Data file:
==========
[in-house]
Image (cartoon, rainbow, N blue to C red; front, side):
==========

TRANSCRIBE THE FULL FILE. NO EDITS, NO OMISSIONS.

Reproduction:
[in-house]
Image (cartoon, rainbow, N blue to C red; front, side):